Christian Fuentes, Sports Journalist for Metro Puerto Rico
Redemption, thy name is the Warriors. The Golden State Warriors recapture the NBA championship and win it for the second time in three years. Thus ending a year-long journey that began with a soul-crushing Game 7 loss last year and the ensuing signing of Kevin Durant and ended with raising the fifth championship in franchise history. Say what you want, but this is a special run by this team in the three years since they became serious title contenders under head coach Steve Kerr and in the five years since they returned to the playoffs with Mark Jackson as the coach.
Durant had his shining moment. Ever since tip-off of Game 1, he was loose, aggressive and simply extraordinary. You can say all you want about him “joining an already great team” or “chasing a ring”, but make no mistake that this title was earned. Sure, Durant is this superstar player that joined the team that was a ball bounce or two away from winning it all for the second straight year last year. But, they didn’t. Durant was a free agent and Golden State did what they had to to get him. He didn’t ride anybody’s coattails. Were they a great team on paper? Absolutely. But in sports, you have to play the games. And they did. Durant led the team in scoring, battled injuries (missed over a month with a leg injury), and averaged 35.2 points per game in the NBA Finals on his way to his first ever NBA championship. That doesn’t sound like riding a great team’s coattails. Indeed he was, as Draymond Green said, the “consolation prize for losing last year”.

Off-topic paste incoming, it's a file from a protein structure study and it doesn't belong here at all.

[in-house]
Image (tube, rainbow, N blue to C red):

Something else that I have to take away from this series is that the ultimate redemption was made by Stephen Curry. He finally played like the two-time MVP in an NBA Finals and it’s electric to watch. He was the most important key before the series started and he delivered; no one can take that away from him. Many don’t like his tyle, because “he only shoots 3s”, but damn-it-all, he is all-time great at it.
As for the Cavaliers, it’s back to the drawing board. LeBron James became the first player in NBA history to average a triple-double in the Finals. Kyrie Irving played his heart out in this series. What can they do to match the Warriors? Would they go after Dwyane Wade (LeBron’s ultimate Thunder-Buddy, who has an opt out on his Chicago Bulls contract)? Could Chris Paul take less money to play with LeBron in Cleveland? Will they trade Kevin Love for pieces? Many questions regarding this team, that has the highest payroll in the NBA.
The Warriors have staying power. The mission for them should be repeating. They have the firepower to do it.